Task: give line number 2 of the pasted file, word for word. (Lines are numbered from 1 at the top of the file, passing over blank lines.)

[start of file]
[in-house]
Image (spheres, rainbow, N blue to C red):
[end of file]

Image (spheres, rainbow, N blue to C red):